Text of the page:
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Old 3rd September 2005, 06:12 PM   #1
ash_dac is offline ash_dac  United Kingdom
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Question RC filter on TDA1543 inputs

Hi,

Noticed on most of my commercial cdp's / dacs (tda1541a, tda1545a) there are input resistors on the I2S pins. Also I have an article that mentions using 3 20ohm resistors on the I2S inputs on tda1545. The links listed below also mention the use of a capacitor to form a RC filter on the I2S inputs.

Has anyone tried adding a RC filter on each of the TDA1543 inputs?



http://www.diyaudio.com/forums/showt...756#post370756


http://www.diyaudio.com/forums/showt...103#post375103


+ any recommendations for introductory electronics text ?

I'm thinking of ordering "The Art of Electronics" (Paul Horowitz and Winfield Hill) because at the moment i'm having to learn stuff adhoc (using google) when reading articles / posts because I have no foundation in electronics.




Kind regards,


Ashley
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Old 3rd September 2005, 06:58 PM   #2
bitrate is offline bitrate  Poland
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"High-speed digital design.A Handbook of Black Magic"(Howard W. Johnson and Martin Graham )

Everything You always wanted to know about high speed digital design but were afraid to ask
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Old 3rd September 2005, 08:42 PM   #3
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Quote:
Originally posted by ash_dac
+ any recommendations for introductory electronics text ?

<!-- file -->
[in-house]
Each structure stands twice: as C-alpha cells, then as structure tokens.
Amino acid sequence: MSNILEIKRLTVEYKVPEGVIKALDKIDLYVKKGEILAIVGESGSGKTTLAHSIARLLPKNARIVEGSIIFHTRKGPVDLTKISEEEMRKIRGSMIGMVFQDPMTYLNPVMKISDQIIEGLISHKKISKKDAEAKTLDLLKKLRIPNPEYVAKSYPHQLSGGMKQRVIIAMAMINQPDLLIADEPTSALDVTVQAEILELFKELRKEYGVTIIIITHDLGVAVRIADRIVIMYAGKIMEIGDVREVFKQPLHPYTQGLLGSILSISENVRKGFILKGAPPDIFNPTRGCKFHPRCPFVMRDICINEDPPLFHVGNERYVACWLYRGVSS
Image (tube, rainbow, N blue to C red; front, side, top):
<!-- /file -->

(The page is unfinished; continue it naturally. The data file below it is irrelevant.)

I'm thinking of ordering "The Art of Electronics" (Paul Horowitz and Winfield Hill)
Quote:
Originally posted by bitrate
"High-speed digital design.A Handbook of Black Magic"(Howard W. Johnson and Martin Graham )

Everything You always wanted to know about high speed digital design but were afraid to ask

It is quite a leap from AOE to High Speed Digital Design. High Speed Digital Design is anything but an introductory text and is highly specialised. Want to know how to build a barrel shifter or a clock divider? Look elsewhere. Want to make said barrel shifter or clock divider run at 500Mhz? High Speed Digital Design is the book for you. AOE is much more general and would be an ideal introductory text.
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Old 3rd September 2005, 11:48 PM   #4
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Johnson's book is not for the noob..........plus, it isn't cheap. Geared towards people who do high speed stuff all day long, so they can justify the cost.

Jocko
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Old 4th September 2005, 07:01 PM   #5
gmarsh is offline gmarsh  Canada
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Quote:
Originally posted by Jocko Homo
Johnson's book is not for the noob..........plus, it isn't cheap. Geared towards people who do high speed stuff all day long, so they can justify the cost.

Jocko
Got my copy used off amazon.com for $50.

It's not for the 'noob' who doesn't know how electric/magnetic fields interact or how transmission lines interact, but once you get that part down then the book makes lots of sense. Everything is highly explained, and there's very little actual math in the book.
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